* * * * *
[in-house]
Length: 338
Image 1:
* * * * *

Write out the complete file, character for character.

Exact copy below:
[in-house]
Length: 338
Image 1: